# n and x constants I wish to use later n = 100 x = pi^2/6 # lots of code # ... # I suddenly wish to plot something n = 1:1000 x = 0.1 plot(n, pnorm(sqrt(n)*x), type = "l") Notice that n and x have been rewritten.Commentary on Synthese (1977) Part I: Neyman's Paper
https://blog.jonasmoss.com/2018/08/synthese-neyman-1977/
Sun, 19 Aug 2018 00:00:00 +0000https://blog.jonasmoss.com/2018/08/synthese-neyman-1977/Synthese is a generalist philosophy journal. It’s usually ranked among the 20 best, usually at the lower end. At least some of its focus is on themes I care about, including decision theory, interpretations of probability, probability paradoxes such as the Sleeping Beauty problem, and, of course, the philosophy of statistics.
And the first issue of the 36th volume of Synthese was devoted to the philosophy of statistics. The occasion was Allan Birnbaum’s passing the year before, and the issue is built around his last submission to the journal.A commentary on 'Tests of Significance Considered as Evidence' (1942) by Joseph Berkson
https://blog.jonasmoss.com/2018/08/berkson-commentary/
Fri, 10 Aug 2018 00:00:00 +0000https://blog.jonasmoss.com/2018/08/berkson-commentary/This paper is old, and it shows! He starts of with the following:
There was a time when we did not talk about tests of significance; we simply did them. We tested whether certain quantities we significant in the light of their standard errors, without inquiring as to just what was involved in the procedure, or attempting to generalize it.
Sounds like the golden age of statistics! But the twilight of that age had long passed, for when he wrote this paper, statistics “consists almost entirely of tests of significance”.About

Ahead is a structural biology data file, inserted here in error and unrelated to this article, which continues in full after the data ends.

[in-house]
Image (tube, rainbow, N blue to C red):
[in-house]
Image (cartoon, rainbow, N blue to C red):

https://blog.jonasmoss.com/about/
Fri, 10 Aug 2018 00:00:00 +0000https://blog.jonasmoss.com/about/I’m Jonas Moss, a statistics PhD student at the University of Oslo. I have three kids, two cats, and one wife. I’m interested in R programming, the replication crisis in psychology, theoretical statistics, effective altruism, and rationalism à la Lesswrong and Slate Star Codex.
This blog is made in RStudio with blogdown, using Hugo and the Tranquilpeak theme. The .Rmd source files for all posts are available on GitHub.
The mineral to the right is a tapiolite, which is related to the mineral mossite this blog is named after.Optional stopping, streaks, and champagne
https://blog.jonasmoss.com/2018/04/optional-stopping-streaks/
Sat, 28 Apr 2018 00:00:00 +0000https://blog.jonasmoss.com/2018/04/optional-stopping-streaks/At the Psychological Methods Discussion group, Ben Ambridge asked the following question:
Hi everyone - I was wondering (don’t worry, I haven’t actually done this!) what would be wrong statistically speaking with an approach where you run a frequentist t-test (or whatever) after adding each participant and stop testing participants when the p value has remained below 0.05 (or 0.001 or whatever) for - say - each of the last 20 participants.
https://blog.jonasmoss.com/about/
Mon, 01 Jan 0001 00:00:00 +0000https://blog.jonasmoss.com/about/